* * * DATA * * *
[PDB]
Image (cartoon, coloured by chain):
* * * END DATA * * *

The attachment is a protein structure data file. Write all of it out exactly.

[PDB]
Image (cartoon, coloured by chain):